For a project we're working on right now, we want to pull a Donald Knuth and have a version number that converged towards some irrational number. However, we don't want to use something boring like pi, e, sqrt(2), etc. Is there an irrational number that is particularly relevant to computer science that we could employ?
closed as too broad by Antti Haapala, emmanuel, Zero Piraeus, AstroCB, Juergen Mar 9 at 2:04There are either too many possible answers, or good answers would be too long for this format. Please add details to narrow the answer set or to isolate an issue that can be answered in a few paragraphs. If this question can be reworded to fit the rules in the help center, please edit the question. 


how about golden ratio? 


0.1123581321345589144233377... 


pi and e are also transcendental numbers. Check out some known transcendental numbers.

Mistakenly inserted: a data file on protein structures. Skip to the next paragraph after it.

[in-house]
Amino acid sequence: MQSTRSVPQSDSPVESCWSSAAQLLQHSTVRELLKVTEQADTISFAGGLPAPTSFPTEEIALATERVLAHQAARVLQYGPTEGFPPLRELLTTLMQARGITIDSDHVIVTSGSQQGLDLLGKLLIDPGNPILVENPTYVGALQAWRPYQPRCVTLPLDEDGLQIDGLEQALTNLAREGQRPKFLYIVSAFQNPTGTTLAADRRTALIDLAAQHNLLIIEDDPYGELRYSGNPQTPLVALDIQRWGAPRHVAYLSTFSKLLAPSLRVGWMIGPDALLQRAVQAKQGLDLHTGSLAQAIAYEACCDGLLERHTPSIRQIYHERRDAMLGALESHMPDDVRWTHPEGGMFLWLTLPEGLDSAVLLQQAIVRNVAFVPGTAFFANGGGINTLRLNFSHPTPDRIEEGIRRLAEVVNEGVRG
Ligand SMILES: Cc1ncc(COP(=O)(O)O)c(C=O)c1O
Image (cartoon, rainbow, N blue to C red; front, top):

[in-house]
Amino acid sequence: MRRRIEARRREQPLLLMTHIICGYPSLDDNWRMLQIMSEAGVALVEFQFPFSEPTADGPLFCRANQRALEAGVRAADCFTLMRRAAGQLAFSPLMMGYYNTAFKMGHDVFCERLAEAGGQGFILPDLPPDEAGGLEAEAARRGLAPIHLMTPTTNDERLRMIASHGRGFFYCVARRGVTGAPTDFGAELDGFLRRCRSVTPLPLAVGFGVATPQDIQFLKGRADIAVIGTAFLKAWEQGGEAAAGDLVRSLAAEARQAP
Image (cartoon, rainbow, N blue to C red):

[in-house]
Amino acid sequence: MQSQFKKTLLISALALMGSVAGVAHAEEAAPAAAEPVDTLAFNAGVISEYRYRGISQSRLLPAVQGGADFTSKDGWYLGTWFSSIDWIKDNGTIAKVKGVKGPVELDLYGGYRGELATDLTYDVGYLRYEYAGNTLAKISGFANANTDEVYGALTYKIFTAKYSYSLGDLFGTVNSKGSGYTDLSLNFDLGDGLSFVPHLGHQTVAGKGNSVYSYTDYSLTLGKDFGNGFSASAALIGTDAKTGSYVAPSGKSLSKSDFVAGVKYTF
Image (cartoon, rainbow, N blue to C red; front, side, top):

The amount of money on Bill Gates bank account divided by the number of bugs in M$'s product? Pretty irrational to me ;) Only it's always shifting ... So you may end up with version numbers that are going backwards ... Or would they ... hmmm ... The number would get smaller if Bill's bank account would shrink (okay, that happens: He's spending billions on charity) or when the number of bugs goes up. Conclusion: It would be version number that's a) irrational, b) steadily shrinking over a longer period of time and c) funny. Bill's bank account can be found in Forbes list. It's updated every year which should be OK unless you plan for more releases. It's not 100% accurate but we're dealing with such big numbers, it shouldn't matter until you need more than 5 digits of precision. Now the number of bugs might be somewhat hard to get by. Maybe ask the guy who posted "still 65'000 bugs left in Vista"? 


π in Base 3: 10.0102110… Or iⁱ = 0.207879576… or whatever that is in base 3.